#5 Stop ruminating

If you find that you are compulsively focusing on negative thoughts, it is likely due to unresolved feelings about the breakup; que tip #1. Clients and friends alike have confessed that ruminating about their breakup gives them a (false) sense of control and mastery. The underlying belief is that by constantly thinking about your relationship, you are keeping the connection alive and preparing for reconciliation or an alternative outcome. For control seekers, this behavior (or other unhealthy coping mechanisms) is not uncommon. Ironically, ruminating is an out of control behavior that requires re-wiring. Freedom from ruminating thoughts is the ultimate way to regain control over yourself and your wellbeing. This begins by admitting to yourself that obsessing about the breakup will not change the outcome. What can be controlled is how you choose to honor your feelings of loss and caring for yourself.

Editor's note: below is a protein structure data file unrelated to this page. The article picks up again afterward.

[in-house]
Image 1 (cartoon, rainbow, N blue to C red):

#6 Treat your breakup like an open wound

Open wounds are painful and need medical treatment. Sometimes putting a Band-Aid over it can be helpful, but perhaps you need to lift the Band-Aid from time to time and give the wound some air.
So, I ask you, are you pouring salt into your wound? Or are you treating it appropriately with something? Do you need something stronger (psychiatry, more frequent therapy visits, etc) to help it heal?

#7 Continue doing the things you are good at